HOW TO TASTE EVOO
Begin by pouring a tablespoon of olive oil into a small glass. Cup the bottom of the glass in your hand to warm the oil; cover the top with your other hand and swirl gently to release the aromas.
Bring the glass to your nose and smell the oil. Take note of the aromas.
Next, take a slurp. As you do, touch your tongue to the back of your top teeth and inhale. This spreads the oil in your mouth and helps release the flavors of the olive oil.
Finally, swallow the oil and take note of the flavors you experience.
A mild stinging in your throat is a good thing and demonstrates the oil is rich in antioxidants called polyphenols. Bitterness at the back of your tongue is also a good thing, and is a sign that what you are tasting is indeed an extra virgin olive oil.
Here in the beautiful Umpqua Valley, we have noticed many similarities between EVOO and wine.
As a general rule, more people are familiar with wine than EVOO.
Below is a comparison to shed some light on the properties of our EVOO.
What characteristics does our EVOO and local wine share?
A good Extra Virgin Olive Oil is ...
Look for pleasant fruit flavors characteristic of fresh ripe or green olives. Ripe fruit yields oils that are milder, aromatic, buttery, and floral, while green fruit yields oils that are grassy, herbaceous, bitter, and pungent. Fruitiness also varies with the variety of olive.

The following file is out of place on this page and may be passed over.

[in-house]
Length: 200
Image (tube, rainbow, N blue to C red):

Fresh olive oil will have a mostly pleasant acrid flavor sensation on the tongue.
A peppery sensation in the mouth and throat is a sign of abundant nutrients in good, fresh extra virgin olive oil. It's a compound in olive oils which creates this sensation in the throat, and it has similar properties to anti-inflammatory compounds such as ibuprofen.
You can get an indication of an oil's polyphenol level by tasting it -
higher phenol oils typically taste more bitter and are more pungent in the throat.
Believe it or not they are both considered a fruit juice. YES!!! Both are considered delicate and should be stored away from heat and light. Once opened they should be consumed within a short period of time. When stored correctly, Oregon Olive Oil will last between one and two years - the wine only one week. They are both considered an epicurean delight, high quality products completely grown in Oregon. The varietal of fruit influences the flavor and properties of both EVOO and wine. Also, both are made by
first hand-picking and then crushing the fruit.
Extra Virgin Olive Oil is cold pressed in the “production “process and aged for only 30 days before being hand-bottled. Wine takes much longer. Also unlike wine EVOO does not continue to age at home.
The epicurean slurp.....
Oregon Olive Oil Co.
Freshness you can taste!
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